Page Seven: Caughton November 30, 2011 at 12:00 pm
The Broken Lands, a report to High Mage El’Dan of the Order of the Eye. u.1060
Of all the places I have researched, the Broken Lands are the strangest. Located on the north eastern coast of Cyronell, this area stretches from the shore to the foothills of the Alorak Mountains to the west. The narrow Green River marks its north border, while to the south the land slowly grows into the grasslands we are used to.
Within the Broken Lands is very little. There is no sign of plant or animal. Rock, dirt, and ash blanket the landscape. Dead trees and corpses of long-dead creatures are strewn about. The only prominent features of this area is also its greatest draw: The ruins.
All throughout the Broken Lands are ancient ruins, older than anything else on Cyronell save perhaps some of the ancient Elven structures or the Dwarven homes in the Aloraks. All reports of these ruins describe similar things: Marble and stone work of pristine craft, worn down by age or perhaps even an ancient war. Tombs litter the land, along with what may be ancient temples and even cities.
Little can be said for certain, for venturing into the Broken Lands is often an act of folly. Many adventurers and thrill-seekers venture to these tombs in search of ancient treasures, but few return. Fewer still return with more than their lives.
In many ways, this is odd. Why do so many travel to the Broken Lands and fail to return, yet no sign of any living thing can be found there? The tombs and the general dangerous air of the land hints at a greater power behind it all. Tales tell of dead that walk the lands and other monstrous horrors. It would not be too surprising if this turned out to be true.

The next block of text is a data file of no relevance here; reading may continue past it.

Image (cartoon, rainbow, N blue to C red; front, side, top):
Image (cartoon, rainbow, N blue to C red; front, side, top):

But this leads to further questions. If such creatures do walk the Broken Lands freely, why do they stay? Why not escape? Reports of monsters and beast attacks are no more frequent in the villages that border the Broken Lands than anywhere else. Perhaps some power keeps them contained? Or it may be that these creatures do not wish to leave.
Certainly, there is great danger in these lands, but there is also much to be learned. If these creatures do guards something, what do they guard? If they are held in by another power, what is that power? These are not questions that can be answered comfortably, and they simply lead to more pressing questions.
It is also certain that there is, indeed, great treasure hidden amongst the ruins. There is more to treasure than riches and power. Some treasure is danger in itself, and what little is known of these tombs would suggest that danger in all forms does exist there. But again, the same question comes. Why is this land the way it is? Who left these ruins?
There is, perhaps, a simple answer. History and legend tell of a great evil power that conquered this land over a thousand years ago before it was driven back. Could this have been the seat of their power? Why else would nothing remain? Why else would nothing grow? Do the dead guard secrets ancient and evil? Is there more beneath the Broken Lands than treasure?
Is it possible some of these ancient evils wait below?